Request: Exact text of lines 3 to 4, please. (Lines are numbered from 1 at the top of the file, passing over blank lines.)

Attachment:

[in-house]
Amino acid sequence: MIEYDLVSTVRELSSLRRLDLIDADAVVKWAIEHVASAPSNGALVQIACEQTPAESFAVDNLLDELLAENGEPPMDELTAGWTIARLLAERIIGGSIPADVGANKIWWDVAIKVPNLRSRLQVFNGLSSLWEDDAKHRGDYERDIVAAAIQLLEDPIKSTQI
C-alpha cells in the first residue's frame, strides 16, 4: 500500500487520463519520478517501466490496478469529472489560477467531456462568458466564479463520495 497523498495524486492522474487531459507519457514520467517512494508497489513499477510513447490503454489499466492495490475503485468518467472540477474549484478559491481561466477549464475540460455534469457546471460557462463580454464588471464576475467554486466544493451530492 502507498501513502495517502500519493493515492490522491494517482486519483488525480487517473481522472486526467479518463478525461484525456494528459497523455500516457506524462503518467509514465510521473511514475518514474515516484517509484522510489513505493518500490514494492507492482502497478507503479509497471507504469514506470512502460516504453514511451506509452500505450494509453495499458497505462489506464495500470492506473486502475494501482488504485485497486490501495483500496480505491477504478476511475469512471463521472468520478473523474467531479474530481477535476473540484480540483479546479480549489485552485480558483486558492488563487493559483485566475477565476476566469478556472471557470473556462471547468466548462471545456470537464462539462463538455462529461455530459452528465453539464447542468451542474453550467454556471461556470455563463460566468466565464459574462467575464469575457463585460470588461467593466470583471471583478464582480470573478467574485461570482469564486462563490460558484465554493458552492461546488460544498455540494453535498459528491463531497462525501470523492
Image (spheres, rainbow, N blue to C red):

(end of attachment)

C-alpha cells in the first residue's frame, strides 16, 4: 500500500487520463519520478517501466490496478469529472489560477467531456462568458466564479463520495 497523498495524486492522474487531459507519457514520467517512494508497489513499477510513447490503454489499466492495490475503485468518467472540477474549484478559491481561466477549464475540460455534469457546471460557462463580454464588471464576475467554486466544493451530492 502507498501513502495517502500519493493515492490522491494517482486519483488525480487517473481522472486526467479518463478525461484525456494528459497523455500516457506524462503518467509514465510521473511514475518514474515516484517509484522510489513505493518500490514494492507492482502497478507503479509497471507504469514506470512502460516504453514511451506509452500505450494509453495499458497505462489506464495500470492506473486502475494501482488504485485497486490501495483500496480505491477504478476511475469512471463521472468520478473523474467531479474530481477535476473540484480540483479546479480549489485552485480558483486558492488563487493559483485566475477565476476566469478556472471557470473556462471547468466548462471545456470537464462539462463538455462529461455530459452528465453539464447542468451542474453550467454556471461556470455563463460566468466565464459574462467575464469575457463585460470588461467593466470583471471583478464582480470573478467574485461570482469564486462563490460558484465554493458552492461546488460544498455540494453535498459528491463531497462525501470523492
Image (spheres, rainbow, N blue to C red):